The interest is only relevant in that it determines precisely where the cap lies on when you stop paying. Indeed, were it a graduate tax you probably *wouldn't* stop paying.
    --- old post above --- --- new post below ---
    I'd go for the latter provided it will not cause you financial hardship. Get yourself a good reference, and if anyone asks you in interview why you reduced your work commitments explain why. You have had some experience, and you have made a sensible choice for your future. Any good employer will respect that, and if they don't they aren't a good employer and you might in the long term be better off without them.
     
  16. yorksrob

    yorksrob Veteran Member

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    Fundamentally I believe the amount to be paid is too high. If the fees went back to the previous level but were not paid up front, that would still be an improvement on the current situation, particularly as the increase in fees has not delivered a comparable improvement in value to the taxpayer.
     
  17. Bletchleyite

    Bletchleyite Veteran Member

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    But you aren't necessarily paying that amount. You're paying what is effectively a tax capped at that amount plus interest. A graduate tax would most likely be open-ended.
     
  18. yorksrob

    yorksrob Veteran Member

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    That's a fair point about the graduate tax being open ended. However, I still believe the amount to be too high.
     
  19. tony_mac

    tony_mac Established Member

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    As it stands at the moment, very few graduates will pay off their loan at all.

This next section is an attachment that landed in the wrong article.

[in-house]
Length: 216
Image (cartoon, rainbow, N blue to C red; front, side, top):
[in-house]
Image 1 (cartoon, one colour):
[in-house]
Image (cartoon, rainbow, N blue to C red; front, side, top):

Only those earning above about £40k (roughly top 15% of taxpayers) will even pay back the £2k+ that will be due in interest this year.
     
  20. Starmill

    Starmill Events Co-ordinator

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    I see Priti Patel has waded in on the issue with her usual proficiency for tact and empathy:

    Conservative Minister Tells Teenagers To Go Out And Get A Saturday Job

     
  21. yorksrob

    yorksrob Veteran Member

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    In which case, why bother having such a high up front fee at all. Particularly if people earning that much are likely to get caught by the higher tax bracket anyway.
     
  22. Bletchleyite

    Bletchleyite Veteran Member

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    You might be unsurprised but I don't see any problem with what she has written, remembering that the Government doesn't control (other than discrimination laws) how employers select employees. It is a piece of advice, and one which is likely to pay dividends when seeking employment. And it is indeed true that pressure of exams etc is nothing new - indeed, in some ways, the increased use of modular courses has reduced this.
     
    Last edited: 22 Jun 2015
  23. Johnuk123

    Johnuk123 Established Member

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  24. Greenback

    Greenback Emeritus Moderator

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    I don't have any problem with what the minister said either. A few hours of paid work, whether it's on the weekend or in the evening, provides more benefits than just improving your chances of gaining employment in a few years time. There's also the self development aspect, the chance to meet new people and earn a little bit of cash into the bargain.